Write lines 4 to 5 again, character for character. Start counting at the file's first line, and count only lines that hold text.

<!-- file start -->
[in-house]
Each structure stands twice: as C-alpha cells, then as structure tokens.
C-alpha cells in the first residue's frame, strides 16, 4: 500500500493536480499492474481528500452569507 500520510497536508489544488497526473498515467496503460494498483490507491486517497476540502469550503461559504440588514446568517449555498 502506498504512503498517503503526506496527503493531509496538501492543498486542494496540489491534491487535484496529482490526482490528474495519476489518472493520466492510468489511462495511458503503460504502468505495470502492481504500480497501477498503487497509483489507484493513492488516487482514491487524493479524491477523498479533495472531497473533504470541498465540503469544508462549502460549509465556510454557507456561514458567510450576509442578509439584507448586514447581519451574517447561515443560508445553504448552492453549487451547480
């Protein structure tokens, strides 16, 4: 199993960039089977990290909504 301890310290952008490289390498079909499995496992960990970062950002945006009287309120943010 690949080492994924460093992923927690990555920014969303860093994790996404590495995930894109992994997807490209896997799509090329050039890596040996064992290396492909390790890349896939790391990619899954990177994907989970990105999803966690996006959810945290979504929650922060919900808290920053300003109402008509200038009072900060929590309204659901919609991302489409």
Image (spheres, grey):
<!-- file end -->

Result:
């Protein structure tokens, strides 16, 4: 199993960039089977990290909504 301890310290952008490289390498079909499995496992960990970062950002945006009287309120943010 690949080492994924460093992923927690990555920014969303860093994790996404590495995930894109992994997807490209896997799509090329050039890596040996064992290396492909390790890349896939790391990619899954990177994907989970990105999803966690996006959810945290979504929650922060919900808290920053300003109402008509200038009072900060929590309204659901919609991302489409």
Image (spheres, grey):